There was a certain amount of harassment I experienced between 7th and 8th grade due to being a good student, before parents pulled me our of school because of suspected racism of the school system.
People are often insensitive to things they don’t experience.
Chuck Lorre-world, indeed. That is one of the most bizarre comments that I’ve read this year (the Aaronson comment); exceedingly self-centered and egomaniacal. I really have to doubt his “feminist ideals” that he has “held since childhood” since the whole comment is littered with dehumanizing & objectifying thoughts.
I think that most people start out as children having difficulty relating to other people, because we filter everything through the lenses of our own experiences and thoughts that obviously don’t exactly match those of others, but at some point there is usually a realization of shared humanity that starts to put to bed all the many false assumptions that Aaronson gives voice to (and many of which he apparently still believes). All those girls that he desired so much were (for him) objects of fear and desire, and not actual human beings with their own failings and fears & wants and needs. That’s to be expected of a child without much socialization, but I wonder if he he even realizes that now, as an adult. I certainly don’t see much evidence for such an insight in his comment. Also, too: that his favorite feminist writer was Andrea Dworkin is… disturbing.
Laurie Penny wrote a very good article on this, too, btw.
Men are terrified women will laugh at them, women are terrified men will harm them.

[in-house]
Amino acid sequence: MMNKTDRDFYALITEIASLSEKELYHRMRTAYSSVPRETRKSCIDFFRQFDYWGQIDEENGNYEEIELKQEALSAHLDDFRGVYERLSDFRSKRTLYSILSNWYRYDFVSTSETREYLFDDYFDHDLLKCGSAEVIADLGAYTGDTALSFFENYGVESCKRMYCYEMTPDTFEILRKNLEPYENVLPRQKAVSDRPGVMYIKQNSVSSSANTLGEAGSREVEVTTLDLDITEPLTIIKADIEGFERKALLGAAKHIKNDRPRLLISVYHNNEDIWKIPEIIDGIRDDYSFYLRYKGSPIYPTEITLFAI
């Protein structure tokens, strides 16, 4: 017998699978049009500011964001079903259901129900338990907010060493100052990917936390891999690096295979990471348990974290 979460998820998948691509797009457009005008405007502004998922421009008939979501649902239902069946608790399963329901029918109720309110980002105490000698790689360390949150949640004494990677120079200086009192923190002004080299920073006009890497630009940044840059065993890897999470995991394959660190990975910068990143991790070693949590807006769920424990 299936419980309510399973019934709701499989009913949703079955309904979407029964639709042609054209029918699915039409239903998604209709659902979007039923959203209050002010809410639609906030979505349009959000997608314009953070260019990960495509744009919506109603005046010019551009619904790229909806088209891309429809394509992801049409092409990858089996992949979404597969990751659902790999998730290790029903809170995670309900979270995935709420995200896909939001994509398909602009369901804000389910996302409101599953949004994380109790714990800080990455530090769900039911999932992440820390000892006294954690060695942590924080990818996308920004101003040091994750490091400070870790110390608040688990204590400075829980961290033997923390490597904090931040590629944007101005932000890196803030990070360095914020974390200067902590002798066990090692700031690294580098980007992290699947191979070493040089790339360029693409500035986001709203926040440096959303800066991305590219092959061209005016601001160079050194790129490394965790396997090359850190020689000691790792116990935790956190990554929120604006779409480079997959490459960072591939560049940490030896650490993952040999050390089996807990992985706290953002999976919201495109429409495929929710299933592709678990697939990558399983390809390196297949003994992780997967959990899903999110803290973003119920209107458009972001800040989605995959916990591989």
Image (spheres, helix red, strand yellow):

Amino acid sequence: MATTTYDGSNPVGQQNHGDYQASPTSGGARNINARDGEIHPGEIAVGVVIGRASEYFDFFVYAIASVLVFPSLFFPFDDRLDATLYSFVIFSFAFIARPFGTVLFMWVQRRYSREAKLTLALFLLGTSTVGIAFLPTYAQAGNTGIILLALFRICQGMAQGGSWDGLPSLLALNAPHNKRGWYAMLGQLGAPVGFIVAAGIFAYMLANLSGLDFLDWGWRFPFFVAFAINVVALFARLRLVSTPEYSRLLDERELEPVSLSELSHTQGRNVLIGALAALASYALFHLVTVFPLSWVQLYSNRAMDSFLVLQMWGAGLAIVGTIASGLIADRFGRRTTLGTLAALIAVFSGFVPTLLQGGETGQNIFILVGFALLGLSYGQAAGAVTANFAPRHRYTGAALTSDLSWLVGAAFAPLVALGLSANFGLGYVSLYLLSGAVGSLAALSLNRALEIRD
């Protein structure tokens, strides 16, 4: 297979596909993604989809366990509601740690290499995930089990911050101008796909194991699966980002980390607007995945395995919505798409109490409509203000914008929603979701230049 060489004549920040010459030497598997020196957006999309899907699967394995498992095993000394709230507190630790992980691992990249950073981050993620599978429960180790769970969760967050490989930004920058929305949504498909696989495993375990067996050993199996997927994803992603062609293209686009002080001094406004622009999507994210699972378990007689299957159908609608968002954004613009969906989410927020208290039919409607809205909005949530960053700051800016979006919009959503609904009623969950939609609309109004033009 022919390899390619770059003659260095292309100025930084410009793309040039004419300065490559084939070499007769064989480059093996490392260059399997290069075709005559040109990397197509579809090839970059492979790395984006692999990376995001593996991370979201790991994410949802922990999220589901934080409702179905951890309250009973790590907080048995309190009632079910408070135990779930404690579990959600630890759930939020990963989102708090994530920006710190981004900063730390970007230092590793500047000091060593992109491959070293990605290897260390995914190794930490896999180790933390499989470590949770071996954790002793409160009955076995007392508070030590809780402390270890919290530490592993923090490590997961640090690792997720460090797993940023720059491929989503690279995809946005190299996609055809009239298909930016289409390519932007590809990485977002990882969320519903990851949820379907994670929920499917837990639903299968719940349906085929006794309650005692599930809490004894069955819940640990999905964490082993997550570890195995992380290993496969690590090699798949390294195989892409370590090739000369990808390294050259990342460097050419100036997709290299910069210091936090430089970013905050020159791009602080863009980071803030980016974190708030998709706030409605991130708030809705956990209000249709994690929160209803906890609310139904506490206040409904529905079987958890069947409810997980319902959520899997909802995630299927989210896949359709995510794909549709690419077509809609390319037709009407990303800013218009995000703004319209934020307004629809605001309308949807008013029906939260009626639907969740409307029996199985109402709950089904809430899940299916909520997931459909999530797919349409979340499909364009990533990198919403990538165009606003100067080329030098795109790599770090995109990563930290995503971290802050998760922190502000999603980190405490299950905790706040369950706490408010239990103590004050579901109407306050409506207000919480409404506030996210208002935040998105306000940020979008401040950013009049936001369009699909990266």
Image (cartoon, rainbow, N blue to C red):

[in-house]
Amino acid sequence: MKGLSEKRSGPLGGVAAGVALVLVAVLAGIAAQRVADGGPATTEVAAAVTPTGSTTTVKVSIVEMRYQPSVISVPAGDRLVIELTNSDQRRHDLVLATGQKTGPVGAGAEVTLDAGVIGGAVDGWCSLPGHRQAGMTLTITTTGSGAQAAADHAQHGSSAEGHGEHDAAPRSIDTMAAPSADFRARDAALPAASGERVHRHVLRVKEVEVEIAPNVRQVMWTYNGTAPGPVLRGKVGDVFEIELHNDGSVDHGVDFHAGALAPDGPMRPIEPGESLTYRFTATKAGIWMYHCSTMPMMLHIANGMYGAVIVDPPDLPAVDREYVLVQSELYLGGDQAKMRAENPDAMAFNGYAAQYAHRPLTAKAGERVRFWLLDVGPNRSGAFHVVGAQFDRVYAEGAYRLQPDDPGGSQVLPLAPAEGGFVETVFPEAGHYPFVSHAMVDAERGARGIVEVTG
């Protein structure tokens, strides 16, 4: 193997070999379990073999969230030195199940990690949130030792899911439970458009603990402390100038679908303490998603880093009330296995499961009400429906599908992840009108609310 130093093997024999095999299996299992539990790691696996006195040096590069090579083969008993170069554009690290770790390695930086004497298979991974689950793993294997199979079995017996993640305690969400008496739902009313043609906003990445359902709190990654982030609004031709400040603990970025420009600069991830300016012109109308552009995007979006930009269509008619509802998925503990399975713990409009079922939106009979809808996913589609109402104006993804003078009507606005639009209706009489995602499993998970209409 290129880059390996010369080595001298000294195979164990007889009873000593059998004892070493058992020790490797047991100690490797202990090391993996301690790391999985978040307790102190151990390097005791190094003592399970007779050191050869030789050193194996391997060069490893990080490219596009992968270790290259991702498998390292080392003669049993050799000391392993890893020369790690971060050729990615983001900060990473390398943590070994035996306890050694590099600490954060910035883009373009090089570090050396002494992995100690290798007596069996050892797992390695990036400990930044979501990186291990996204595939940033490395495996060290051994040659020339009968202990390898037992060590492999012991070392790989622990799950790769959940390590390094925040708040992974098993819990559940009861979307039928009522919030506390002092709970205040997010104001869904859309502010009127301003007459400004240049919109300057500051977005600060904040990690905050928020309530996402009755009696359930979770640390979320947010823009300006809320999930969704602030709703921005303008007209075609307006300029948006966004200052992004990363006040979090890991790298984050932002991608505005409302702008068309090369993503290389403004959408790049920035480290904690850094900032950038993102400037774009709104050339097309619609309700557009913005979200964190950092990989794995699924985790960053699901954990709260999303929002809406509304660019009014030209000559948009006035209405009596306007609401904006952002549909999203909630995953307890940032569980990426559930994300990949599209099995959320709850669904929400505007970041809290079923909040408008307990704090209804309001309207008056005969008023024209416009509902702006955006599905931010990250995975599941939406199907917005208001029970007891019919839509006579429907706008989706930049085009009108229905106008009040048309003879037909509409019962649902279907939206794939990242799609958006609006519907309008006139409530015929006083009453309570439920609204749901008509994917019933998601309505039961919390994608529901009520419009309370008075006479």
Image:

Not that high school crap isn’t a problem, but seriously? Even after the worst date I went on in high school I wasn’t scorned. And we still had a class together.
AJ Milne says
I erm, will confess to having had some dry spells, in my sex life.. and I will confess to occasionally having felt something like that self-pitying: ‘Hey, I’m a nice guy, why am I not getting more sex?’ thing, too.
I got better. I think.
Funny thing, though… I don’t ever remember really blaming women as some kind of faceless, global entity, for only liking ‘bad guys’ or some other such stupidity, this seeming to be the standard MRA/bitter nerd assumption. I think because I also knew other people who did seem like pretty decent people who clearly were having lovely evenings with company, and could work out, okay, whatever this is about, it’s not just that…
Heck. I think I could figure it out pretty well, even then. Some about me, honestly, and even getting, no, erm, I’m not just a ‘nice guy’, this being something I think a lot of these self-pitying nerds might do well to consider for themselves. I figure I do have some issues, yes, honestly; not gonna elaborate, forgive me, do like some privacy, thanks, do have some limits about how helpful I’d like to be here….
But also, yes, some at the time wasn’t just about me, it’s also just about situations. Busy. Even absurdly. Not in social situations where you’re likely to meet anyone. Maybe there even were sorta opportunities, but, erm, just seems wrong (she’s sorta otherwise involved; how complicated do you want to make things), etc…
But I also think, seriously, maybe being a little more helpful, that passage of Amy’s:
… is something a lot of these self-described ‘nice guys’ might want to take a very hard look at. Tattoo it on their own forehead, if they’re not getting it…
And the sooner they get over that ‘nerdy guy = nice guy = obviously unfair that women don’t give him a chance’ assumption, well…
… well, seriously, maybe the internet can stop being quite such a damned toxic place for women. Because I really am having it up to here with self-pitying nerds, of late, I gotta tell ya. And cringe slightly, in retrospect, at even having thought something similar, once…
In something a little softer on that, I will say: I think there’s something very seductive about that ‘obviously unfair’ meme that gets around. I expect it’s very comforting, in its poisonous way. Ain’t that there’s anything wrong with you, oh no, it’s just that life is so unfair that no one appreciates your nerdly wonderfulness…